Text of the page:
After the laissez-faire asynchronous style of spring 2020, balancing direct student engagement with freedom from Zoom meetings has been another nuanced challenge. Some students report that they need the presence of a scheduled routine in order to function academically, but others say they greatly preferred the ability to plan their day as they saw fit while getting work done along the way.
“I think it was easier last year with only the short Zoom calls once a week,” one CHS student says. “I think I definitely gained this unmotivated mindset this year, because last year it was a completely different setup that I think worked better.”
One of the biggest changes to the school’s support structure at the beginning of the fall 2020 semester was the role of the campus supervisors. As a part of the school’s classified staff, the team who would usually be making laps in a golf cart with a walkie-talkie in hand have been tasked with maintaining the new version of the CHS “campus,” which involves contact with students who have shown signs of struggling.
“We realized students weren’t coming to class, and we looked around wondering, ‘How can we help these kids?’ and our classified staff really stepped up,” Puente explains. “They are really the ones who are the boots on the ground. They started calling kids regularly to try to get them engaged. From there we assigned them teachers, so [the classified staff] would work in unison with teachers.”
From the beginning of this school year there have been strategies in place to try and provide support to students, stemming from the creation and implementation of the modified Friday schedule. Originally having three voluntary office hours and an hour-long CHS Connect session, the schedule shifted to accomodate for a fourth office hours time slot since more and more students needed mandatory attendance with specific teachers.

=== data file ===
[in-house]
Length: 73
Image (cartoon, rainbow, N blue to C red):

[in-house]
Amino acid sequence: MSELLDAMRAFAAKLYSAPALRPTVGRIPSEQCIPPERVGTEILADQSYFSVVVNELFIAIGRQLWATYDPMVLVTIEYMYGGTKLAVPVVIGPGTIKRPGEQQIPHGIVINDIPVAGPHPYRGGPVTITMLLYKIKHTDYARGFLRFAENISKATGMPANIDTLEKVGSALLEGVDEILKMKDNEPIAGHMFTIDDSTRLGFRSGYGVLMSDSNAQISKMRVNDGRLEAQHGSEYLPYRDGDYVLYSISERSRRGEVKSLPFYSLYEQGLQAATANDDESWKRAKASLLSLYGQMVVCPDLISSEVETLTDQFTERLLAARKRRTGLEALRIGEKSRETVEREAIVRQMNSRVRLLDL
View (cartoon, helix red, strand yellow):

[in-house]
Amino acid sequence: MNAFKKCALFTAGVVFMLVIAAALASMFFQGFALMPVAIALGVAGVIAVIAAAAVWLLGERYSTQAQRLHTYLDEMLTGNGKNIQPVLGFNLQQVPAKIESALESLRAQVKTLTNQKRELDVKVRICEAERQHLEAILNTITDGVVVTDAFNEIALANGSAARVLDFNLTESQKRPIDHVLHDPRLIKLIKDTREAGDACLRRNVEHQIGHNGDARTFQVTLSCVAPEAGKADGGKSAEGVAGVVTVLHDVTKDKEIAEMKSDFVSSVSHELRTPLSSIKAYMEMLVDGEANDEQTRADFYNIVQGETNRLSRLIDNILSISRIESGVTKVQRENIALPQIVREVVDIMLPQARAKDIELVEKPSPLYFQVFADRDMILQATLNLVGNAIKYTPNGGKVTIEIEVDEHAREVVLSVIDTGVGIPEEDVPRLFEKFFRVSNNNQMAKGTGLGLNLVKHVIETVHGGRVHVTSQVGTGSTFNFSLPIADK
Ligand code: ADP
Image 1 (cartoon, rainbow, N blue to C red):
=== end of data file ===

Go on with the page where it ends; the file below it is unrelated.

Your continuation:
Each teacher at CHS was tasked with keeping their online curriculum as close to the real thing as possible, which proved to be just as difficult as it sounds. Even while having the chaotic fourth quarter of the 2019-20 school year under their belts, teachers were met with challenges in their ability to plan and design a curriculum that would hold up online.
“I didn’t lower my expectations for student learning, but I had to lower my expectations when it came to the amount of content covered,” math teacher Jody Roberts says. “I didn’t make decisions of what to teach and what not to teach lightly. Much collaboration went on within the math department before pacing guides were decided upon.”
Reports from 20 teachers of varying grade levels reveal that not every class saw decreased performance across the board. Some noticed a halfpipe shape instead of a bell curve as high/low extremes replaced the normal commonality of middle-ground students. Other teachers even saw what might have been deemed impossible when preparing for this year: an increase in scoring.
“Interestingly enough, the overall percentage for students was just slightly higher in 2020 than in 2019,” says English teacher Dale DePalatis, marking an exception to the perceived expectations of distance learning. “This might have been because I offered more extra credit this year, but those who were motivated took advantage of that rather than those who got D’s or F’s.”
The educational framework in use today is very different from how it began in fall 2020, and it will continue to evolve with CHS’ hybrid model plan, which will be released in its entirety by the end of January.